April 2, 2006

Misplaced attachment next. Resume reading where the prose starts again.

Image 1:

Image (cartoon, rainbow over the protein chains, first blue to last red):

Simon Reynolds‘ Rip It Up and Start Again is based on the idea that the late 70s and early 80s were this ridiculous technicolor pop playground, that punk opened up all this space for people with big label contracts to fuck around with pop conventions and actually become popular in the process. I wouldn’t know, really; I was too busy being born at the time. But I’m not sure about Reynolds’ idea that this golden age came to a crashing halt in 1984; seems to me that just about any era has its share of unforeseeable radar blips, proud weirdos who manage to worm their way onto daytime pop-radio playlists through some combination of savvy image-positioning, ADD genre-blurring, and, um, like, songwriting. Case in point: the Gorillaz, who, it turns out, are really, really popular. Like, did you know their second album, Demon Days, is double-platinum in the US? Or that their current five-night run at the Apollo Theatre sold out in something like an hour, even though tickets are $72? How the fuck did that happen? In the UK, Damon Albarn has a history as something resembling a rock star, so his goofy all-cartoon working-with-DJs side project was always going to at least do OK sales-wise. But over here, where he’s basically a one-hit wonder who gets a lot of play at Britpop club nights, he’s never exactly been a sure bet. But then he goes and makes up some ridiculously goofy all-cartoon-monkey concept-band, comes through with a couple of hooky singles, and opts not to physically appear in some truly ugly animed-up videos, which end up getting play (I guess) just because they don’t look like videos, and all of a sudden he’s bigtime? Either by dumb luck or smart luck, he’s managed to turn a decent-enough record of half-drawn lazy-stoned song-sketches with a bunch of wacky minor celebrity cameos into a seven-figure monster, so he’s clearly some kind of genius.